Seattle Fire Department spokesman Kyle Moore confirmed that investigators determined there was an accumulation of gas inside the house. But it wasn’t clear if the buildup was from the leak outside the house or from a second leak that might have occurred inside, he said.

Damage to the home, which was leveled, was estimated at $350,000, Moore said.

Two engineers from the state Utilities and Transportation Commission (UTC) are investigating Monday’s fire and explosion, as well as PSE’s response to Sunday’s gas leaks.

Dave Lykken, pipeline safety director for the commission, said the neighborhood’s natural-gas pipes are probably 1960s-vintage — with some new plastic pipe — and are considered safe.

UTC requires utilities to routinely check natural-gas pipelines for corrosion. PSE said it conducts neighborhood leak surveys every three years; it last checked the Pinehurst area in November 2008, said Andy Wappler, a PSE spokesman.

PSE continues investigation

PSE ended the house-to-house leak check on Sunday at dark, after canvassing from 10th Avenue Northeast to 15th Avenue Northeast, and Northeast 110th Street to Northeast 130th Street, utility spokeswoman Monfried said on Tuesday.

On Wednesday morning, she said the intended search area extended to 5th Avenue Northeast — the Ingham’s street — but crews were unable to check that far west before nightfall on Sunday.

Though it had stopped its house-to-house survey hours earlier, PSE crews also on Sunday checked the natural-gas main that serviced the home, working until 3 a.m.

Monfried said the leak survey focused on natural geographic boundaries, and on pipes similar to those affected by the “arcing” incident on Sunday. Wappler said PSE is continuing to investigate the incident itself, including why the utility initially said the explosion was unrelated to Sunday’s leaks.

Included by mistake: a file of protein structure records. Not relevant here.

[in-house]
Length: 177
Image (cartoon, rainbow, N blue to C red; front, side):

“We will take what we’ve learned and make sure it doesn’t happen again,” he said.

In the more exhaustive survey ordered after the explosion, PSE found four new leaks, but said at least three were unrelated and characterized them as small enough that they would be treated as scheduled — rather than emergency — repairs in a different situation. The other leak remains under investigation. A third survey began Tuesday, and a fourth is planned.

At one location — on the 300 block of Northeast 149th Street — a clear sulfur smell of natural gas wafted as PSE subcontractors dug up a pipe buried under a driveway on Tuesday.

About 10 blocks north, another crew dug up Diane Smith’s front yard, with only a faint smell of gas. Two employees from PSE’s public-affairs office watched as reporters watched the digging.

Smith said PSE came to her door at dinner time on Monday, telling her she had a small leak in her yard and warning her to not use a cellphone or smoke in her front yard until it replaced the damaged pipe on Tuesday afternoon.

She described herself as “a little skeptical” of PSE’s handling of the incident, and, with four adults and seven kids living in the home, fearful of the gas. Why did PSE wait until Tuesday to replace the damaged pipe after detecting the leak on Monday, she asked.

“They’re digging now, but shouldn’t have they been doing this last night, or at least have shut off the gas?” she said. “Any leak is no good.”

Staff reporters Steve Miletich, Jeff Hodson, Craig Welch and Nancy Bartley contributed to this report. Jonathan Martin: 206-464-2605 or jmartin@seattletimes.com